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Thread: Need help with toenail coding fast!

  1. #1

    Default Need help with toenail coding fast!

    AAPC: Back to School
    Patient with infected toenail

    "Plan: At this time, it was determined that the patient would receive a SLANT BACK PROCEDURE because he is too young to have a partial nail avulsion at this time and would benefit the most from the slant back procedure to relieve the pressure from the soft tissue on the medial nail border.

    This was conducted with a nail nipper without incident. It was brought to pinpoint bleeding. There was no pus or exudate around the regiion. It was cleaned with an alcohol wipe and antibiotic ointment wass placed with dry, sterile dressings applied."

    I cannot find any reference to the slant back procedure anywhere, but it seems to me that this is just a Trimming of nondystrophic nail? Wouldn't this be a 11719?

    Anyone have any thoughts?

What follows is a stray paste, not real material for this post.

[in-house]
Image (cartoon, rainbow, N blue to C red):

2. #2
    Join Date
    Apr 2007
    Santa Rosa


    If it was enough of a procedure that you think it's medically necessary to use a CPT code, then I think 11719 is as close as it gets. I don't see any other codes that would be better. If you aren't comfortable just coding the E/M, then I concur.

    Quote from the internet: "the ACFAS guideline the slant back would not be considered a partial nail avulsion as per my post above, and therefore would fall under the category of "palliative" care. If you read the true guidelines for Medicare in PA (HGSA), in order to bill for 11730 anesthesia must be used and a simple slant back is not considered an avulsion. The nail must be taken below the eponychium."
    Heidi Thompson, CPC

  3. #3
    Join Date
    Apr 2007
    Greeley, Colorado


    I would only code the E/M since a true nail avulsion was not performed and the procedure was not as simple as trimming the nail. On could argue to use 11719 -22 but: 1- you don't have an appropriate dx; and 2- what is the true increased service?. You could also argue 11730-52 but again: 1- you don't have an appropriate dx; and 2 - insurance is likely to reduce significantly. I think your best bet is to code an appropriate E/M. Just my opinion.
    Lisa Bledsoe, CPC, CPMA

  4. #4


    Thank you Heidi!

    I appreciate your help with this!


  5. #5


    Thank you Lisa!

    I appreciate your help!


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